Thursday, January 2, 2014
The following ATC questions and answers are from the podcast and website www.atccommunications.com
This is a very informative web site and gives great insight into communicating with ATC, VFR and IFR. I am posting some VFR Q & A here. Check out Jeff Kanarish's web site for more info.
To provide traffic advisories and alerts, ATC has to know 3 important pieces of information about your aircraft.
First, ATC needs to know who you are. This is your call sign, of course. Second, an air traffic controller needs to know where you are. Your position includes your aircraft’s location over the ground and your aircraft’s altitude. Third, ATC needs to know where you are going so the controller can project ahead to see if your flight path might conflict with another airplane’s flight path.
Once your aircraft is in radar contact, your aircraft’s identity and location will be updated each time the controller’s radar sweeps across your aircraft and interrogates your transponder. Your flight path is also tracked by radar so ATC can project where you are headed. Mode C on your transponder updates your altitude. When you switch from one controller to the next, your transponder ensures the new controller receives all of the same information provided to the previous controller. Here comes your question: If radar updates your aircraft’s identity, location and flight path, and your transponder’s Mode C reports your altitude to ATC, why does ATC require you check in with each new controller by stating your current altitude?
When already established in radar contact with ATC, you do not have to state your current position over the ground when checking in with a new controller. Your current position is continuously displayed and updated by ATC’s radar system as long as you remain in radar contact. You do have to check in with your current altitude even though the new controller has your current altitude displaying on his radar display. Here’s why.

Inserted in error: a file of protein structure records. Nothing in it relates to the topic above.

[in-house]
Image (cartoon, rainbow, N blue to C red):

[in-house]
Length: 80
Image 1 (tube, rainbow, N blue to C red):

Your transponder’s Mode C system always transmits altitude based on the standard altimeter setting of 29.92 (1013 Millibars in most countries outside of the U.S). Mode C has no idea what the local altimeter setting is where you are flying. Fortunately, when ATC’s radar system receives your transponder’s Mode C altitude readout, ATC’s system compensates for the difference between 29.92 and the current local altimeter setting before it displays your aircraft’s altitude on the controller’s radar screen. If you do not have the current local altimeter dialed into your cockpit’s altimeter, then you may be looking at one altitude readout in your cockpit and the controller may be looking at a different altitude readout for your aircraft on his radar display. Since ATC often separates aircraft using vertical spacing between aircraft, it is critical that both you and the controller agree on your current altitude.
If the altitude confirmation you give on the radio when you check in differs by more than 300 feet from what the controller sees on his radar display, the controller is going to first give you the local altimeter setting. If that does not fix the problem, he will note the error in Mode C reporting and may ask you to switch off Mode C on your transponder.